Whitefish, MT High 87 Low 51
(I started this post four days ago so you can see I’m a little behind. Hope to get caught up shortly.)
Whitefish, MT’s claim to fame is the Whitefish Mountain Resort at Big Mountain. When we lived here it was just called Big Mountain Ski Resort. You can see the ski runs on the mountain.
I should have saved my train picture from Columbia Falls for this post.
There is a small museum in Whitefish that is located in the train depot that I wanted to visit. It was especially neat for me because I grew up with the Great Northern Big Horn logo here in Montana.
The Stumptown Historical Museum is located in the depot which is also used by Amtrack. Stumptown is a nickname that was given to towns when the crews arrived to log the area to build the depot and put in the line.
This building was built by the Great Northern Railway in 1927 for $65,000.
So many wonderful treasures in this museum. Here are pictures of just a few of them.
These were the good old days when they used beautiful china to serve the meals in the dining car.
Thought about Rick when I saw this camera.
There is also a display which recreates the desk of Lucien Gordon Becquart, a telegrapher who worked for the Great Northern Railroad for 40-years. Jim trying to tape out a message (I’m sure it’s a love letter to me.)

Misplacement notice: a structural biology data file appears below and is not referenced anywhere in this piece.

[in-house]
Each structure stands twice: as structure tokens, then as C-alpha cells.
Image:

Or how about a furry trout?
You can read all about him at: http://www.furbearingtrout.com/montanawildlife.html
This was a fun little museum that is free to visit, however donations are happily accepted.
To continue with the theme of the day we went to lunch at the Great Northern Bar and Grill. (Traffic is terrible on Main Street).
There’s also a train which sits in a park in Somers, MT that has a very “interesting” history.
On October 25, 1908, Engineer A. J. Adams was in poor health, so fireman Otto Fenske went to the round house alone to pick up engin No. 215 to save Adams from the long walk. Fenske ran the engine out onto the mainline and got off to close the switch. The brakes on the old engine were in poor shape, so instead he put the throttle in reverse. But while he was tugging the switch into position, the throttle jumped out of its slot and the train took off backwards towards Somers.
No. 215 was supposed to haul the Sunday morning train to Columbia Falls. Instead it was on a one way trip 11 miles in the wrong direction. The track actually stopped about two car lengths from the edge of the pier on Flathead Lake. Engine No. 215 was not to be stopped. She leaped from the track, ran through a tool house on the dock and flew about 30 feet through the air into Flathead Lake.
A few years later they were able to raise her from the bottom of the lake and she now rests in the park in Somers.